10. Select Startup Options
      1. Click Install vCO server as service (This will install the Windows Service for vCenter Orchestrator)
      2. Now click on Start Service to startup vCenter Orchestrator (vCenter Orchestrator typically takes upwards of 30 seconds to start, you can use the refresh link to check the status)
      3. If you have any problems starting the service, click on Log on the left, and set the logging drop down to All then click Apply changes on the bottom right, go back and start the service again and then check the log for any errors
    11. Open the vCenter Orchestrator Client from the Start-Menu and login!
      1. Don't forget to use your domain login DOMAIN\username
      2. Don't forget to be a member of the VCOAdmins group so you can login.
      3. If you want to install the client elsewhere use the installer in the vCenter Server ISO @ vCenter-Server\vCO\vCenterOrchestrator.exe

    vCenter Orchestrator Trouble: SSL exception, ‘SSL certificate is missing for this host’

    Here you are trying to setup vCenter Orchestrator and you get this error: SSL exception, 'SSL certificate is missing for this host'

    What vCenter Orchestrator is saying is that it doesn't have the certificate installed for that host, unlike other apps/programs, Orchestrator doesn't offer an option automatically install these certificates upon inital connection.  You have to first add the certs then connect to the host, to do this: (refer the screenshot at the bottom if your stuck)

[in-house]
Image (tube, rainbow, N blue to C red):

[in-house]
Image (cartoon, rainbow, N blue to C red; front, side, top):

1. Login to your vCenter Orchestrator Configuration Webpage: (http://vCenter-Orchestrator-Hostname:8282) - default user/pass is vmware/vmware
    2. Select Network from the left column
    3. At the top you'll see a tab for SSL Certificate, click that
    4. You can either import the SSL certificate from a file, or from a URL--URL is the easiest as you just enter the hostname and Orchestrator installs the certificate
    5. In the URL box, just enter your vCenter hostname, then click Import to the right of that text box
    6. You'll see the certificate details displayed if everything looks alright click Import at the bottom
    7. Repeat this process for each vCenter you plan to use Orchestrator with
    8. Go back to whatever step you were trying to do when you got the error: SSL exception, 'SSL certificate is missing for this host' and try it again, this time it should work successfully
    (Click to enlarge)

    Building a Cost-Effective vSphere ESXi 5.0 Home Lab: Part 2

    So it's been awhile since my last post on Building a Cost-Effective vSphere ESXi 5.0 Home Lab--I have been playing with this system now for a few weeks and am loving it--I've ordered parts for a 2nd system and might spring for a 3rd...Remember that the chip on this motherboard supports AMD-V, so you can do practicably everything except for VMDirectPath I/O with this system.

    I've been running upwards of 7 VMs on it at once and have had no real problems.  Yes ready times can get high, but I've never had them over 30% under that kind of load.  Again this is a home lab, and somewhat high ready times don't effect anything except a couple extra seconds here or there when I am doing something intensive.

    This little box rocks for a home lab, the key thing to remember is that it IS a home lab--run everything with 1vCPU and minimal amounts of ram assigned.  (I don't have a single VM over 1Gb of RAM assigned).  The biggest slow down in my experience with this system comes from swapping on local storage--not CPU contention.  (I haven't connected this to my OpenFiler box yet)